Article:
Fear factor: when is it too much?

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Joey Pavell

Haunted houses are one of the season’s biggest pastimes and are beginning to pop up everywhere. They are usually all fun and games. However, recently some haunted houses have been taking it to the extreme, and some are even being analyzed to see if they are legal or not.

McKamey Manor in San Diego, California, tops the list of extreme haunted houses. The terrifying tour can last up to four hours; the attraction is intended to shock participants as much as possible. It is not your typical haunted house: admission is free, you must be 21 years of age to eligible to fill out both an application and waiver upon entering, and two people is the maximum number of people who can enter at one time.

There are next to none rules that pertain to what the actors can do to participants. Actors can choke, gag, punch, kick, drag and spit on the participants. Basically, they are allowed to do anything they want as long as they do not kill you. This is where many people are beginning to think that McKamey Manor is pushing legality; mental and physical well-being are among the top concerns.

Though many are attempting to get the so called “shock houses” off the streets by saying they are breaking the law, they have been yet to be shut down. These types of haunted houses have been proven very popular, as more and more people are visiting them each Halloween season.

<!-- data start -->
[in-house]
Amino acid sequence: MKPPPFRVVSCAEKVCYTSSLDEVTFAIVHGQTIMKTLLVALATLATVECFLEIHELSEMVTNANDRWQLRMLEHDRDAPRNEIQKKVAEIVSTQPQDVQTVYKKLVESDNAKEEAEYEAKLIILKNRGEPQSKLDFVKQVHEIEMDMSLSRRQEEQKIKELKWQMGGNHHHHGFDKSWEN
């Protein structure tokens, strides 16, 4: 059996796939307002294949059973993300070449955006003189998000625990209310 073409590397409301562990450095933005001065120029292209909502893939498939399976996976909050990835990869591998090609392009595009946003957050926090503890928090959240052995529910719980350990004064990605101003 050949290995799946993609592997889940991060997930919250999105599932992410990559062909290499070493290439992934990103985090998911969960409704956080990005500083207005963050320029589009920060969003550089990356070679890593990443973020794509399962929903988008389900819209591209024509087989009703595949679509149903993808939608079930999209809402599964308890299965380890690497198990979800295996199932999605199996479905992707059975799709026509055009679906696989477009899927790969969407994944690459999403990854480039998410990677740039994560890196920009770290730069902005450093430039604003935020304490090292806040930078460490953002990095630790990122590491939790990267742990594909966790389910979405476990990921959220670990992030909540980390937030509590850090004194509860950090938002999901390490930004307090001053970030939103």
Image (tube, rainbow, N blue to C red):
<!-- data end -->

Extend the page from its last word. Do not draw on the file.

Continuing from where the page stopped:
The question has been lingering for a while: When do the tricks and the treats of visiting haunted houses become too much? Even though McKamey Manor is just one example, numerous haunted houses are trying to out-scare each other. Instead of it being fun and games, participants may be risking their health in entering these terrorizing houses.

It eventually comes down to the person entering the house as they are the ones putting themselves in danger, if there is any. McKamey Manor along with a plethora other haunted houses push those limits, stretching beyond what is expected and pushing the legal envelope more and more each year.